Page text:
Monday, August 22, 2016

Not Square Blocks: Diamond Shaped Blocks 1

Guide Post pattern, based on a diamond-shaped
block, from Mountain Mist.
I'm looking for an actual quilt in every pattern
indexed in my BlockBase program. Above is
one for #231a, one the few diamond blocks I can match up.
Quilt + Published History.

The diamond grids are not very common, but I have duplicates of several variations.

A detail of a fabulous quilt in the United Notions/Moda
collection---maybe 1830-1850.

The pattern and many of the fabrics were copied in this
kit sold last year in the Collections for a Cause:Community line.

Detail of Tammy Vonderschmitt's mini-repro

The example above (perhaps from 1870-1890) is from Laura Fisher Quilts.
The design is BlockBase #231b

I included the first published instance of a name in my Encyclopedia/BlockBase index so the Nancy Page newspaper column gets credit for Diamonds in 1933.

The Nancy Cabot column published it January 23, 1935.
You can shade it in a variety of ways and get variations
on argyle and harlequin designs.

Argyle sweater vest

This quilt of navy blue prints and yellow is about 1900.

Bright red sashing rather overwhelms this
four-patch diamond from the mid-20th-century.
The diagonal set adds to the drama.

A nine-patch in a diamond shape is another old pattern. The earliest version of #232 I've seen
is from the Massachusetts project on the Quilt Index.

Nine-patches alternate with a red and yellow chintz.
The maker gave some thought to alternating high contrast
and low contrast blocks, giving an argyle look.

I found several 19th-century "diamond nine-patches"
or "nine-patch diamonds" in the Massachusetts files.
Above the diamonds must be fairly small to focus on the dog's head conversational print.

Mid-19th century

A signature quilt from the Connecticut project,
also mid-19th century.
This one from an auction is about the same age.
The nine-patches above are all #232a, set point to point.

Another set: #232b with the diamonds stacked up.

#232 variation

I couldn't find an actual quilt alternating plain blocks
but here's one from about 1900 with the diamond blocks side by side.

BlockBase will print templates for these various diamond shaped blocks in any size.

Top from the mid-20th-century from Susan
at Sunrise Studios.

25 diamonds in a diamond block.

From Willy Wonky Quilts
25 but the black lines are pieced of diamonds too.

A spectacular Amish version from the
Faith and Stephen Brown collection.

I haven't found names or published design for these version with many diamonds per block. This one has 36 diamonds...

The quilt looks to be about 1900 with all those black and wine-colored prints.

Same block, set side by side from the Connecticut files.

Here's 16 diamonds with a great chintz border
from the Oaks Plantation in Anson County, North Carolina
on an online auction last spring.

49 diamonds in a diamond block.
The pieces are large enough here that only two fit across the
quilt top. The picture is from the Michigan project files.

It is quite possible that someone started out with this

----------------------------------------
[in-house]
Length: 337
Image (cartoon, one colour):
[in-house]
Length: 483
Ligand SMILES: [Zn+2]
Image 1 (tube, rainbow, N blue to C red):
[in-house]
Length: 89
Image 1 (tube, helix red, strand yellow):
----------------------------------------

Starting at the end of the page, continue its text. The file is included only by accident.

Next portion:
in mind

Or this...
 but went to plan B.

You know how it goes.
If it won't sit flat as a star maybe.....

Monday, August 15, 2016

Golden Wedding Ring BlockBase #313

Mandy sent me this photo of a Golden Wedding Ring quilt in the collection of the Museum of American Folk Art, a gift of Robert Bishop who was the authority on wedding ring quilts.

She wanted to know more about the pattern. It's a fairly easy pattern to document as it's what I call a "designer pattern" rather than a traditional pattern, meaning a 20th- (or 21st-) century artist drew it and published it. No one made quilts in the design before the 1930s.

Here's an example I found online by Geneva Rankin Snowes, probably done in the 1970s.

It's #313 in BlockBase, designed by the Iowan Hubert VerMehren in the early 1930s.

VerMehren was quite a draftsman and he took
the plain old Double Wedding Ring and made it more complex.

Two for sale online a while ago

You can see there is some variation in the proportions.

Well, I know the next question is going to be:
Where can I get a pattern?

Not from me. I can't draw that well and the evidence is in BlockBase.
I wouldn't use that particular pattern.
But here is why the internet is so great.
Corrine at MustLoveQuilts is making one and she talked about her search for a pattern.

She found it in Georgia Bonesteel's book/package/club
Spinning Spools, published in the early 1990s.

Golden Wedding Ring from Spinning Spools Frills and Finery #6

And here's why books are so great: Spinning Spools included plastic templates. And it's still around  although long out of print.

Now all you have to do is find that pattern in the right notebook (there are 3). I bet somebody in your guild has it.

Mandy found templates for a variation for sale in Australia.

See the comments where we find that "The pattern was also published in Oxmoor House's Great American Quilts 1991 (Sandra O'Brien, ed.) pp. 82-85," which is very inexpensive in the used book market. Thanks, commenters.

I've seen references to the pattern lately as
"Triple Wedding Ring," but that smacks of a menage a trois,
which historically has not been proven to make anyone happy.
I think Golden Wedding Ring is preferred.

Here's a relative, but a different pattern.

with alas no BlockBase number.